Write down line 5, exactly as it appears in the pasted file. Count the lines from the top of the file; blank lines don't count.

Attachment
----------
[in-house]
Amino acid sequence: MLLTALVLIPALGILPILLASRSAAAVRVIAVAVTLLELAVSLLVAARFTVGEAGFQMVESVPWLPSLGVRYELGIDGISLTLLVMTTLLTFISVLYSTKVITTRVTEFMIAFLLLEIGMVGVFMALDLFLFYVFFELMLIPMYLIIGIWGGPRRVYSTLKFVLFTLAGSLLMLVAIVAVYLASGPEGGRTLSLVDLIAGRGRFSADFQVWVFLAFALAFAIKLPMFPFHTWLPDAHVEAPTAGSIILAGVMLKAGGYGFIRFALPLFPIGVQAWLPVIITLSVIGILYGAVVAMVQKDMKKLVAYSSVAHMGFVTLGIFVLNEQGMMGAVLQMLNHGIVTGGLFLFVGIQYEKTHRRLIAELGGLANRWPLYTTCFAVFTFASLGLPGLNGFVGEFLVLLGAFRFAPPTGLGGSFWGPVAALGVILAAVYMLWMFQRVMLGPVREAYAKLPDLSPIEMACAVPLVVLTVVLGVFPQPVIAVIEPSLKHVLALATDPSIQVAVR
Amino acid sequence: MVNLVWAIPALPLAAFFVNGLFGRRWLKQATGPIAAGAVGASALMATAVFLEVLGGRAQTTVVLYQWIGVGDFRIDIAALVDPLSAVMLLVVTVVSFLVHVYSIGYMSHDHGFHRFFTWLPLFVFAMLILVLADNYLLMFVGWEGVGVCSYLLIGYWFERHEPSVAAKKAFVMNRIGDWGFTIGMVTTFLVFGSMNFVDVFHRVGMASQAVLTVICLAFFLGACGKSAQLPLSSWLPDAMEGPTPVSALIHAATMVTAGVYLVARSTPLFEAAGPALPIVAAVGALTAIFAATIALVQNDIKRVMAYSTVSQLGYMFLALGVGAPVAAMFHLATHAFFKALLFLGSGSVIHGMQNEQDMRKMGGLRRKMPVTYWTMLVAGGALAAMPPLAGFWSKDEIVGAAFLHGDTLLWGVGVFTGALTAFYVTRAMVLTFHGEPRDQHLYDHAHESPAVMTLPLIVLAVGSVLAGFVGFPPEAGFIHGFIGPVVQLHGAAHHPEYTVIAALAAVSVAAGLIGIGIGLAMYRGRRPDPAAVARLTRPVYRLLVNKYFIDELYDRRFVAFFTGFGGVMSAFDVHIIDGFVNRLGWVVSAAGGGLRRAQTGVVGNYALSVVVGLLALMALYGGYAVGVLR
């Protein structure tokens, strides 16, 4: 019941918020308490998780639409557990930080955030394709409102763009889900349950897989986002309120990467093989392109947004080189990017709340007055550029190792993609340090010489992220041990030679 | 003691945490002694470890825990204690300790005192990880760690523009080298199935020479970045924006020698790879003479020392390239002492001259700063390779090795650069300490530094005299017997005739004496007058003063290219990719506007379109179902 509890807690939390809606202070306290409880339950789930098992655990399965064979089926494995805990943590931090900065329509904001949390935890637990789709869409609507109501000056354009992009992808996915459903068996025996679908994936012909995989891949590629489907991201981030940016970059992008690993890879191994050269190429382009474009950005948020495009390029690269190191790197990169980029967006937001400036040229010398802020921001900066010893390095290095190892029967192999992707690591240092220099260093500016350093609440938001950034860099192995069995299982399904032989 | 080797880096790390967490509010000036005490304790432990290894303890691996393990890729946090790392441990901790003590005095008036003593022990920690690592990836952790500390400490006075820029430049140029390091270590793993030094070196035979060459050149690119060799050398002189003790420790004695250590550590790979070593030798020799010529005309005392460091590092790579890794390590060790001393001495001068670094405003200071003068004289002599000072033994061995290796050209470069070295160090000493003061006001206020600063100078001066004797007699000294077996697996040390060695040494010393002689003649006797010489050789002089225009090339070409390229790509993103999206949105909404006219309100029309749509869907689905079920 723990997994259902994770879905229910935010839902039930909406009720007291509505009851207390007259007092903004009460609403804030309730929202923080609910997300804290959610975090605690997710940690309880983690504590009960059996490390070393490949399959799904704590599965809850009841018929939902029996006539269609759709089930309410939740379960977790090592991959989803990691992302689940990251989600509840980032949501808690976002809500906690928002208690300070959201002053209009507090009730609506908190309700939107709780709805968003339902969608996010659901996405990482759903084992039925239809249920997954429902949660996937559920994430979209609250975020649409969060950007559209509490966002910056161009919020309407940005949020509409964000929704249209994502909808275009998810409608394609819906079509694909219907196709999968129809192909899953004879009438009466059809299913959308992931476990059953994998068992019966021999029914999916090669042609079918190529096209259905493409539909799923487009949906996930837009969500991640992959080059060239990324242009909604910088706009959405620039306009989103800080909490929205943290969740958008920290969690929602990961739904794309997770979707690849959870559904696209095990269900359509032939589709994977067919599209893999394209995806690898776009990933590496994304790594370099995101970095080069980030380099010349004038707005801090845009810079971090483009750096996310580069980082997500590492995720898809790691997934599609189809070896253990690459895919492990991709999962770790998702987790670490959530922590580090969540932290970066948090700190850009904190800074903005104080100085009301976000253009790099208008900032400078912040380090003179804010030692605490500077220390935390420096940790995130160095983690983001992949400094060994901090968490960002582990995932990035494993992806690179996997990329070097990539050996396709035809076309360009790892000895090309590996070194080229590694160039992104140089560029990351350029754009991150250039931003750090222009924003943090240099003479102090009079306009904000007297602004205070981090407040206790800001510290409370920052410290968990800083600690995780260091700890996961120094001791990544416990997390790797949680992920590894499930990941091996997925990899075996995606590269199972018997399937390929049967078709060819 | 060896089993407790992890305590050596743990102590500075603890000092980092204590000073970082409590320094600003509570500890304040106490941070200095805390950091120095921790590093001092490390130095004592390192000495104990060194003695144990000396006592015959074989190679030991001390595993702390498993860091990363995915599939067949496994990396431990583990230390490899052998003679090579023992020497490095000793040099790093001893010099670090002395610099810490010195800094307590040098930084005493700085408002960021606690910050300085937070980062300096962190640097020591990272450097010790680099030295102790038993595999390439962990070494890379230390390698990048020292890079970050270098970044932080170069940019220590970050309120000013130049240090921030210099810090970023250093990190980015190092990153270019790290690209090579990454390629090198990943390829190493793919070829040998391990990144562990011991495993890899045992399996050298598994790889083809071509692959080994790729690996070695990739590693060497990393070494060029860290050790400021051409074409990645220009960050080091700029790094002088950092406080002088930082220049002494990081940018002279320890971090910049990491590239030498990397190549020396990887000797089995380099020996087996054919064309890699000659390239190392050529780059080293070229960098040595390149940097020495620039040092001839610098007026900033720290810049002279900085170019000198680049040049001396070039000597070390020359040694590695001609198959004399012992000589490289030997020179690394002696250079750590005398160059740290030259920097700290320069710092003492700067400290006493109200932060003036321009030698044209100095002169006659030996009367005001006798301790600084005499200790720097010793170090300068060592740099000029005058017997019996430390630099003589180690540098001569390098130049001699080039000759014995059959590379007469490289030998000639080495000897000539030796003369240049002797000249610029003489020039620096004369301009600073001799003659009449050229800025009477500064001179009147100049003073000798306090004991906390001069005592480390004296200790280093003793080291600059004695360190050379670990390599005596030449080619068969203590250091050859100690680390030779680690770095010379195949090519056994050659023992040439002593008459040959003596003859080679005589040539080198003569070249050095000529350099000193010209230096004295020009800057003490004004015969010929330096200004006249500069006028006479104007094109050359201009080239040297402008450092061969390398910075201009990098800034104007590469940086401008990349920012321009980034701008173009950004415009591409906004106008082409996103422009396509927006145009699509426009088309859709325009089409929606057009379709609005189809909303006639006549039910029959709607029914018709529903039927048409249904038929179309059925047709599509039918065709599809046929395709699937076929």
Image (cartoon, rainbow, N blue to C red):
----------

Image (cartoon, rainbow, N blue to C red):